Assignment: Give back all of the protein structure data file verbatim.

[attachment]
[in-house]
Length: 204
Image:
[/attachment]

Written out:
[in-house]
Length: 204
Image: